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  • “Every time I do it I think : “This is the last time. I can control this.” And I do it again and again and again. I just can’t… I just can’t stop. I like it too much.”

    The transformation Brian Nichols (David Oyelowo) undergoes, is irrefutable miraculous. He’s a convicted criminal who manages to violently escape out of a courthouse, where he was waiting for his conviction after allegedly raping his girlfriend. During this escape he murders a number of people in cold blood, including the judge. This is the beginning of a major manhunt, initiated by the police departments in Atlanta. Until he bumps into Ashley Smith (Kate Mara), a young woman who is trying to kick the habit of using Crystal Meth, and takes her hostage in her own apartment. And thus the miracle happens. The reading of the bestseller “The Purpose Driven Life” by Rick Warren brings Brian to repentance. Hallelujah.

    I don’t want to detract from what actual happened and how the offender Brian, by hearing positive messages and a religious inspired guidance, managed to get his act together so his humane and kind side could take over again. And this despite the fact that his life is a complete mess and there isn’t a bright future awaiting him. From my own experience I know that resorting to the basic elements of a balanced life is lifesaving. And it doesn’t matter this is accomplished by listening to a learned person or a soul mate. Or by reading appropriate literature. 5 Years ago I found myself with my back against the wall. By adjusting my philosophy of life, rearranging my priorities and fighting daily against what would be my downfall, my life has changed radically. Yes it”s something wonderful and miraculous, but no need to make a film about it.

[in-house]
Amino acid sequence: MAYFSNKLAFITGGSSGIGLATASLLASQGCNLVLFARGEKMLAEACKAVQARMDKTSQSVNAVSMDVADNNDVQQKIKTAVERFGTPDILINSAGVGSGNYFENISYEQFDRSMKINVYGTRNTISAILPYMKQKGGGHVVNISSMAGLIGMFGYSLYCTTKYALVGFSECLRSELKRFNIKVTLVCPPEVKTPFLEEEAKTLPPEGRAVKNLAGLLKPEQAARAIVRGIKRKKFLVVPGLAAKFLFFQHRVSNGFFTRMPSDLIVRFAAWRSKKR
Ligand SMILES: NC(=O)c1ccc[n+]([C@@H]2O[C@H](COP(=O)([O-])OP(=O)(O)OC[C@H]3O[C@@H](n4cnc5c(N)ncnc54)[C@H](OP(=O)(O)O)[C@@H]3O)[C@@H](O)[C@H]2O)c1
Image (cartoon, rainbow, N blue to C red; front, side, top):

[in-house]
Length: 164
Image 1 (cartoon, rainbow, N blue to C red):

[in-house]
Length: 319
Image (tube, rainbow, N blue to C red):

That’s my feeling about this film. The message in this film contains a wonderful thing and is unique. The fact that it’s possible for an individual to give meaning to his life. That applies to both Brian and Ashley. Ashley sees how her life slowly derails. Her husband murdered because of her drug addiction. And her daughter taken away from her because of her disability to be a caring mother. And Brian seeing another opportunity to meet his newborn son sometime in the future. That this happened again by the hands of the Almighty God, of course will please the religious community in our society. Therefor this film is ideal as an educational film for an ecumenical community or a religious tinted television channel.

    The only thing I found inappropriate, was the ending showing Ashley Smith in person during an Oprah talk show where she tells her story and promotes the book that saved her live and at the same time that of the abductor. The moment the author of the acclaimed book walks into the studio, I was overtaken by a sickening feeling. The entire film was suddenly reduced to nothing more than a tele-shopping program. I’m sure there are people whose life drastically changed after reading this book. But I can imagine there are thousands of people who experienced a drastic change of life thanks to another inspiring book. Lets hope they won’t turn every such experience into a movie ….